In contrast to CRU, you may test your new refresh rate within the Nvidia Control Panel interface. However, it is not always accurate, so you should wait until you have clicked Apply before checking to see if your overclock is truly working. After everything is in working order, check your new refresh rate in Windows and then repeat the method above until you achieve the desired overclock.

The Risks of overclocking your monitor

Overclocking your monitor, in contrast to overclocking your CPU or graphics card, does not pose a significant risk. If you’ve ever altered your screen resolution, you should be aware of the reasons for doing so. If you don’t confirm the new settings in Windows, the Nvidia Control Panel, or the Radeon software, your screen will automatically revert to the prior settings you selected. Consequently, if you use an excessively high refresh rate, it’s usually just a matter of waiting 15-30 seconds until your display returns to its default setting.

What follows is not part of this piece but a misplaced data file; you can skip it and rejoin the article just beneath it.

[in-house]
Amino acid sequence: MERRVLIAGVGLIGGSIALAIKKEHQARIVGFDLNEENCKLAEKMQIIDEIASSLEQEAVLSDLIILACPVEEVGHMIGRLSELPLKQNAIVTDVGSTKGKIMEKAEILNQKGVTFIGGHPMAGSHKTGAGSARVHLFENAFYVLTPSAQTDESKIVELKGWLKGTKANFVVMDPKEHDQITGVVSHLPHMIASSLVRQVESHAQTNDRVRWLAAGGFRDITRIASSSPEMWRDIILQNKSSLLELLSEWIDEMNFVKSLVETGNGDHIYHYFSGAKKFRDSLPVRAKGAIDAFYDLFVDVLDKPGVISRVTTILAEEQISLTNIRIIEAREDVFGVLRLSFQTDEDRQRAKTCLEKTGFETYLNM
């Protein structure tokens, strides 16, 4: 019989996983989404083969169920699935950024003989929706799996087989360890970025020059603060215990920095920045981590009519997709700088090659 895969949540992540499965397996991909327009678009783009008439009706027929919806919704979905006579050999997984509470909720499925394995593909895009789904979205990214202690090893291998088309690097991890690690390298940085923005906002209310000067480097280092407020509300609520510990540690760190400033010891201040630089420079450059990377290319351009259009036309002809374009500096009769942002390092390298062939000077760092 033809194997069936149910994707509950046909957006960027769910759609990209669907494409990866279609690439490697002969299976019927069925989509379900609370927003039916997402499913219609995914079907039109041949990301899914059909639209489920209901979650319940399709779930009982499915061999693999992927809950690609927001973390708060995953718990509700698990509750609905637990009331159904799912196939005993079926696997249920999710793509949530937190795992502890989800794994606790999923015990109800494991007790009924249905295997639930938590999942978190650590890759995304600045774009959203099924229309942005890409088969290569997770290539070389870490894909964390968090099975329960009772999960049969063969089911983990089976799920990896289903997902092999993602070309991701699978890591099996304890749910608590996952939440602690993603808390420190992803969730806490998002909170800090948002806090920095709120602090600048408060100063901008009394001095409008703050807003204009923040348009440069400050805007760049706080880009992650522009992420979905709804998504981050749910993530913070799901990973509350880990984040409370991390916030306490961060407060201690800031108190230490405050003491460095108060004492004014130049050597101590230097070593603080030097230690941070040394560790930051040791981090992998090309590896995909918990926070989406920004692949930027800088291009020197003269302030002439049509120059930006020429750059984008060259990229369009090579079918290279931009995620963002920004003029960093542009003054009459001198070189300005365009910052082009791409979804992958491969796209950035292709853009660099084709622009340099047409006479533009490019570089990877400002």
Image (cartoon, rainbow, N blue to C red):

However, it is feasible to apply an overclock in such a way that everything appears to be normal. That’s why it’s so vital to double-check your overclock. Even if Windows and the overclocking programme you’re using indicate that your display’s refresh rate is accurate, you should still run the Blur Busters test listed above to double-check. When you operate your panel at a refresh rate that is more than its rated refresh rate, you can increase power consumption and shorten the life of your monitor.

Knowing as much as possible about the panel within your monitor can help you avoid the majority of the risks associated with overclocking. As previously indicated, certain monitor manufacturers overclock the panel at the factory, even if there is no mention of overclocking on the box or in the instructions. It is best not to add an overclock on top of an already-existing one.